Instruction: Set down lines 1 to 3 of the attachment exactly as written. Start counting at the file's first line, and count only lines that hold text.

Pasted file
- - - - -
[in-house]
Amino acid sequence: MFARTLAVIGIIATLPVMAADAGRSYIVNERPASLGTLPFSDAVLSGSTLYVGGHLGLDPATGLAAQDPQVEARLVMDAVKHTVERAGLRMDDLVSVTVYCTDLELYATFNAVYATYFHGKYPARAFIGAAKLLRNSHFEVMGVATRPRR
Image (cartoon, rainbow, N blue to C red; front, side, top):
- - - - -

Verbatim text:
[in-house]
Amino acid sequence: MFARTLAVIGIIATLPVMAADAGRSYIVNERPASLGTLPFSDAVLSGSTLYVGGHLGLDPATGLAAQDPQVEARLVMDAVKHTVERAGLRMDDLVSVTVYCTDLELYATFNAVYATYFHGKYPARAFIGAAKLLRNSHFEVMGVATRPRR
Image (cartoon, rainbow, N blue to C red; front, side, top):